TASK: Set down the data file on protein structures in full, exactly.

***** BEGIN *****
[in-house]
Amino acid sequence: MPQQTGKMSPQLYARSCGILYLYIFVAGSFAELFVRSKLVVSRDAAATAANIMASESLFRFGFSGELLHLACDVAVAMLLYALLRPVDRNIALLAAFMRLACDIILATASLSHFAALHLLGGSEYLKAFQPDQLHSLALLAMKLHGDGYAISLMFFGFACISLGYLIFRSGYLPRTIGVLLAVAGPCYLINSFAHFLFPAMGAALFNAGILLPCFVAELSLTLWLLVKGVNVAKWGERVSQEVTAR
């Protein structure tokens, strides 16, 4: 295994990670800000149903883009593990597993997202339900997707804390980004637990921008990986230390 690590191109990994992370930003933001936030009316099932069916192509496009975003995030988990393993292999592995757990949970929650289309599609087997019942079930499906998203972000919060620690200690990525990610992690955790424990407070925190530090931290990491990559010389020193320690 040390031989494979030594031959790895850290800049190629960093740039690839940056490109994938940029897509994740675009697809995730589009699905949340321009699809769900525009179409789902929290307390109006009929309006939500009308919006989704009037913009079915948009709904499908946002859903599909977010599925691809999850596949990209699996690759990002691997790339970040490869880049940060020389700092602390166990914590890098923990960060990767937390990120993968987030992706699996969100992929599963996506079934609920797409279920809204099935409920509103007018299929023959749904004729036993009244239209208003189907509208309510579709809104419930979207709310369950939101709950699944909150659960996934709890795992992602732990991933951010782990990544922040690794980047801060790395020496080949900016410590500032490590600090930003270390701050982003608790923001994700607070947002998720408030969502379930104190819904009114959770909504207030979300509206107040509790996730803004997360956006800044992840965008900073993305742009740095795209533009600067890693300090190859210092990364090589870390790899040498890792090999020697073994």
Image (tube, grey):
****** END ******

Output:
[in-house]
Amino acid sequence: MPQQTGKMSPQLYARSCGILYLYIFVAGSFAELFVRSKLVVSRDAAATAANIMASESLFRFGFSGELLHLACDVAVAMLLYALLRPVDRNIALLAAFMRLACDIILATASLSHFAALHLLGGSEYLKAFQPDQLHSLALLAMKLHGDGYAISLMFFGFACISLGYLIFRSGYLPRTIGVLLAVAGPCYLINSFAHFLFPAMGAALFNAGILLPCFVAELSLTLWLLVKGVNVAKWGERVSQEVTAR
């Protein structure tokens, strides 16, 4: 295994990670800000149903883009593990597993997202339900997707804390980004637990921008990986230390 690590191109990994992370930003933001936030009316099932069916192509496009975003995030988990393993292999592995757990949970929650289309599609087997019942079930499906998203972000919060620690200690990525990610992690955790424990407070925190530090931290990491990559010389020193320690 040390031989494979030594031959790895850290800049190629960093740039690839940056490109994938940029897509994740675009697809995730589009699905949340321009699809769900525009179409789902929290307390109006009929309006939500009308919006989704009037913009079915948009709904499908946002859903599909977010599925691809999850596949990209699996690759990002691997790339970040490869880049940060020389700092602390166990914590890098923990960060990767937390990120993968987030992706699996969100992929599963996506079934609920797409279920809204099935409920509103007018299929023959749904004729036993009244239209208003189907509208309510579709809104419930979207709310369950939101709950699944909150659960996934709890795992992602732990991933951010782990990544922040690794980047801060790395020496080949900016410590500032490590600090930003270390701050982003608790923001994700607070947002998720408030969502379930104190819904009114959770909504207030979300509206107040509790996730803004997360956006800044992840965008900073993305742009740095795209533009600067890693300090190859210092990364090589870390790899040498890792090999020697073994």
Image (tube, grey):